HTTPS — How it protects browser users on the Internet today

By on 8 Jul 2020

Category: Tech matters

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Hypertext Transfer Protocol Secure (HTTPS) is a secure extension of the Hypertext Transfer Protocol (HTTP).

HTTPS secures communications over the Internet, adding a layer of security for your data, by enabling encrypted communications between your browser and a website.

HTTPS protects the privacy and integrity of your browser-to-website communications, encrypting every data packet in transition using Transport Layer Security (TLS), which replaces the old Secure Sockets Layer (SSL) protocol. This protects your online shopping, banking and other personally sensitive online activities from man-in-the-middle and other types of online hacks and attacks.

How does HTTPS work?

All modern web browsers support HTTPS by default.

HTTPS collaborates with certificate authorities, which evaluate the security certificates of any accessed websites. This helps ensure that the website you are connecting to is the website you intended to connect to, without worrying that your connection will be hijacked by an attacker.

The HTTPS certificate can be authorized for a website by linking the information from a domain name, server name or host name. Domain certificates are preferred by most and issued by most domain registrars.

HTTPS wraps HTTP in an encrypted layer, TLS, hiding the information that is being sent between your browser and the webserver.

Your web browser will check the website’s security certificate, and verify that a valid certificate authority issued the digital certificate and that it exactly matches the URL in the address bar. Authorized certificate authorities include GoDaddy, Let’s Encrypt, GlobalSign and Digicert.

Example of https url in browser address bar.
Figure 1 — Be sure to look for the lock symbol and https:// in your browser’s address bar.

All of this ensures that when you see that little closed lock icon or see “https://” in your address bar, you are actually connected to the correct, secured website, and your personal information cannot be monitored in transit.

Why is HTTPS important?

As mentioned above, HTTPS adds an encrypted layer of protection, applying TLS to your browser’s communications with the website, which hides the information being sent back and forth, ensuring prying eyes cannot see the information.

HTTPS is important because HTTP comprises unencrypted ‘plain text’, which anyone that’s eavesdropping on a Wi-Fi network can intercept and view. This includes hackers, your Internet Service Provider (ISP) and government agencies, such as the NSA.

Read: HTTPS: why is it so popular?

This means that if you send sensitive information such as passwords or credit card numbers over HTTP, third parties could monitor, intercept and steal the information. HTTPS is what makes your browser interface a secure channel for shopping, banking, and other sensitive online activities possible.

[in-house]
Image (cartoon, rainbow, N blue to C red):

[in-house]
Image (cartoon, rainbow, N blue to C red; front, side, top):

This also comes in handy when you’re browsing other websites, such as Google. The search engine giant’s websites default to using an HTTPS connection, preventing other users (and your ISP) from monitoring your searches and other Google-related online activities.

In some economies, ISPs are allowed to monitor your online activities and then sell that information to interested third parties, such as advertisers. HTTPS prevents your ISP from monitoring your online activities. Sure, they can still see that you’re visiting Amazon, but they can’t see that you’re preordering the Baby Yoda figurine.

On sites that use only the insecure HTTP, your ISP could inject ads or other content, remove content or modify the page in other ways. Comcast has done this in the past by inserting bandwidth cap information into web pages users were viewing on its network.

While at first glance informational pop-ups such as this might appear to be a helpful feature, it, unfortunately, ’trains’ Comcast users to expect messages like this, enabling unsavoury websites to pop-up similar alerts, which could convince users to provide personal information that could include passwords, as well as credit card and account information.

Best ways to ensure you only access HTTPS web pages on websites

HTTPS Everywhere

HTTPS Everywhere is a security-centric browser extension that users can use with all the major browser platforms such as Chrome, Firefox, and Opera. The Tor Browser includes it by default.

HTTPS Everywhere is the result of a collaboration between The Tor Project and the Electronic Frontier Foundation. The extension ensures that your communication with web servers is encrypted by default when available.

Unfortunately, the extension is not available on Internet Explorer (IE) or Safari browser platforms directly from the EFF. However, there is an IE extension available that is based on the official HTTPS Everywhere extension. HTTPS Everywhere is also available as a Microsoft Edge browser add-on and is directly available from the EFF.

Safari users may want to take a look at the ’HTTPS Now for Safari’ extension, which provides similar functionality for Safari users.

Some websites offer limited support for HTTPS but make it difficult to use by defaulting to displaying unencrypted HTTP pages, or by including links to unencrypted content on encrypted pages.

The HTTPS Everywhere extension remedies these issues by rewriting page requests to these sites to use HTTPS.

Users of HTTPS Everywhere can choose to block any unencrypted requests — although this may cause issues with some sites. In this case, you can disable forced HTTPS for that site. You are strongly encouraged to contact the site’s developer and ask them to fix the HTTPS inconsistency. Fixing the issues is good for the site’s customers as well as its developers.

Tor Browser

The Tor Browser makes use of The Onion Router (that’s the ‘Tor’ in Tor Browser) network to anonymize your Internet browsing by bouncing it around a series of relays that volunteers around the globe set up and maintain.

Onion routing is named due to how it implements encryption in the application layer of a communication protocol stack, much like the layers of an onion. Tor encrypts the data sent and received by the browser multiple times, transmitting it via a series of randomly selected Tor relays.